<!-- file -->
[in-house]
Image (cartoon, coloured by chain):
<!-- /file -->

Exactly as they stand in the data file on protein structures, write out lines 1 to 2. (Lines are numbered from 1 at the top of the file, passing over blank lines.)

[in-house]
Image (cartoon, coloured by chain):